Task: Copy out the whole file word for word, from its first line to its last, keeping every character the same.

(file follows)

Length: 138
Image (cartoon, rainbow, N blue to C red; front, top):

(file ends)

Length: 138
Image (cartoon, rainbow, N blue to C red; front, top):